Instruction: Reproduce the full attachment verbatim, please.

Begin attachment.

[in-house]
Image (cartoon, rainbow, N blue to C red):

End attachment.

[in-house]
Image (cartoon, rainbow, N blue to C red):